Pneumatic artificial muscles (PAMs), or McKibben actuators, have received considerable attention for robotic manipulators and in aerospace applications due to their similarity to natural muscles. Like natural muscles, PAMs are a purely contractile actuator, so that, in order to produce bidirectional or rotational motion, they must be arranged in an agonist/antagonist pair, which inherently limits the deflection of the system due to the high parasitic stiffness of the antagonistic PAM. This study presents two methods for increasing the performance of an antagonistic PAM system by decreasing the passive parasitic moment, rather than increasing the active moment. The first involves selection of the kinematic mechanism geometry, and the second involves the introduction of bias into the system, both in terms of PAM contraction, and passive (antagonistic) PAM pressure. It was found with the proper selection of design parameters, including mechanism geometry, PAM geometry, and bias conditions, that an ideal actuator configuration can be found that maximizes deflection for a given arbitrary loading. When comparing a baseline design to an improved design for a simplified case, a nearly 50% increase in maximum deflection was predicted simply by optimizing mechanism geometry and bias contraction.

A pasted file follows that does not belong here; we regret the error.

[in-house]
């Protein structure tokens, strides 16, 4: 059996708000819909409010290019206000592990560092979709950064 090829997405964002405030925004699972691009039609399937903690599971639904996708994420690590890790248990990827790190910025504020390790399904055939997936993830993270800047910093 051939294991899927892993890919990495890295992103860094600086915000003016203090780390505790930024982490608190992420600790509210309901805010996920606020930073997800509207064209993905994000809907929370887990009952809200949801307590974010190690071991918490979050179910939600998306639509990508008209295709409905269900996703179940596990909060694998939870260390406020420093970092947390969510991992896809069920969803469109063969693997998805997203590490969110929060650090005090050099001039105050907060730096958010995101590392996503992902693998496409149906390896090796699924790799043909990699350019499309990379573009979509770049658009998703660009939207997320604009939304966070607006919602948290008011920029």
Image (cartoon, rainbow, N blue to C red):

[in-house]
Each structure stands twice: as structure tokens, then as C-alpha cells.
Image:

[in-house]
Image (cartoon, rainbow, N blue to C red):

This content is only available via PDF.
You do not currently have access to this content.